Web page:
I came across an interesting report in the New York Times today in which they talk about the recent opening of The Museum of the Portuguese Language (Museu da Língua Portuguesa) in São Paulo, Brazil. The objective of the museum is to create a living representation of the Portuguese language, where visitors may be surprised and educated by unusual and unfamiliar aspects of their own native language. The report also mentions that inspite of having more native speakers than French, German, Italian or Japanese, the Portuguese language is often overlooked by the rest of the world.

On a related matter, I’ve noticed that quite a few of the Brazilians I know think their version of Portuguese is inferior to the Portuguese spoken in Portugal. This quite surprised me as I personally prefer the sounds of Brazilian Portuguese, and it was the singing of Astrud Gilberto on a Stan Getz album that first attracted me to the language.

In case you’re wondering, lusophilia is the love of Portugal or the Portuguese language. The Luso- part comes from the Roman province of Lusitania, which occupied the same area as modern Portugal and part of Spain.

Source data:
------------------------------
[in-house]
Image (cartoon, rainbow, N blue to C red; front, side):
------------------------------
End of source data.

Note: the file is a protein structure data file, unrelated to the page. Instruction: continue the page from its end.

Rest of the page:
This entry was posted in Chinese, Language, Portuguese, Words and phrases.

11 Responses to Lusophilia

  1. I am lucky enough to live in São Paulo where this museum is located. In fact, I was born some 400km from here, in Curitiba. On the other hand, I haven’t yet gotten around to visiting the museum, a shortcoming I plan to correct as soon as possible. I may be able to report on the exhibits firsthand after I do. In the meanwhile, those who understand Portuguese should visit the link given in Simon’s entry, as the Museu da Língua Portuguesa is reputed to be fascinating. Watch this space! 😉

  2. I was doing research on the NYT article for a possible blog post, but now I don’t have to! Along the way I found this review of the Museum, in English:
    I love the idea of a language museum.

  3. I think that is a good review – but Luz Station is definitely _not_ from colonial times – that would be before 1822 – but from the early 20th century. Built by the British for the “Estrada de Ferro Inglesa” (English Railway), using English cement, bricks, steel girders etc., so the story goes – most likely true.

  4. SamD says:

    Brazilian Portuguese has always appealed to me more than European Portuguese, so it is a shame that Brazilians would have a sense of inferiority about their variety of the language.

    Americans sometimes think of British English as being fancier or tonier than American English, so maybe this is a similar situation.

  5. Josh says:

    I’ve always perferred Brazilian Portuguese to the European variety. The same goes for Latin American Spanish.

  6. Stuart says: